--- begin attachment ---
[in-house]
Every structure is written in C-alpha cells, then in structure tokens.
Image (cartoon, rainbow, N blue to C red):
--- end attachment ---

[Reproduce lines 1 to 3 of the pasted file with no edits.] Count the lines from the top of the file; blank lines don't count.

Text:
[in-house]
Every structure is written in C-alpha cells, then in structure tokens.
Image (cartoon, rainbow, N blue to C red):